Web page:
Mississippi River water hyacinth, water lettuce and parrot feather, oh my!

In recent years, three invasive species of aquatic plants have been found in Pool 5 of
the Mississippi River near Buffalo City, WI.  These three species – water hyacinth (Eichhornia crassipes), water lettuce (Pistia stratiotes), and parrot feather (Myriophyllum aquaticum) – are plants often found in the water garden and aquaculture
trade. They can be very invasive when introduced into natural waterbodies.  Water hyacinth and water lettuce were first found in 2011 in Pool 5; in 2012 parrot feather was found in an isolated bay of Pool 5. Nearly one thousand water lettuce and water hyacinth plants were found in Pool 5 in 2011 and by 2012 the populations exploded into the tens of thousands. These species had not been found to this extent in Wisconsin before so immediate action was taken to prevent the spread of these invasive species to other areas of the Mississippi River and possibly to inland lakes.  Multi-agency rapid response control efforts included a team of experts from the Wisconsin DNR, Minnesota DNR, U.S. Fish and Wildlife Service, U.S. Army Corps of Engineers and county aquatic invasive species (AIS) coordinators as well as interested citizens and university scientists.

Water Lettuce (front and rear) and Parrot Feather (center) in Pool 5 (Photo by Paul Skawinski)

Water Lettuce (front and rear) and Parrot Feather (center) in Pool 5 (Photo by Paul Skawinski)

Parrot feather is currently a prohibited invasive species in Wisconsin regulated by Chapter NR 40 of the Wisconsin Administrative Code (commonly known as NR 40 or the invasive species rule).  Water hyacinth and water lettuce are not yet included on the state’s regulated list, but have been proposed for inclusion as prohibited invasive species.  It is illegal to possess, transport, transfer or introduce a prohibited species, with certain exceptions. On Oct. 28, 2013 DNR released proposed revisions to NR 40, along with the draft economic impact analysis documents. The current proposal calls for adding 51 new species for listing as prohibited including the plants water lettuce and water hyacinth.  DNR is accepting public comments on the economic impacts of the proposed revisions through Dec. 31, 2013. Read the full press release to learn more.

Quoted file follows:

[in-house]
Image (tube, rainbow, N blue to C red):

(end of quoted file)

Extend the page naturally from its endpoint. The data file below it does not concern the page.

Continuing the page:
DNR's John Sullivan collecting water hyacinth from Pool 5.  (Photo by Paul Skawinski)

DNR’s John Sullivan collecting water hyacinth from Pool 5. (Photo by Paul Skawinski)

In September 2013, staff from Wisconsin DNR as well as other government agencies and non- profit groups concluded that the intensive efforts of the multi-agency rapid response team were successful in controlling the invasive water hyacinth, water lettuce and parrot feather from areas mapped with original infestations.  Learn more about the discovery of these Pool 5 invaders and the multi- agency team’s efforts in containing these species in DNR 2013 Water Success Stories.

In addition to sharing your opinion on NR 40 revisions, there are ways you can help prevent the spread of plants commonly used in aquaculture:

  • Build your aquascapes away from natural waterways and flood zones.